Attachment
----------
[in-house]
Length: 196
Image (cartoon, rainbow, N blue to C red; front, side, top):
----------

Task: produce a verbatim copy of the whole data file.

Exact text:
[in-house]
Length: 196
Image (cartoon, rainbow, N blue to C red; front, side, top):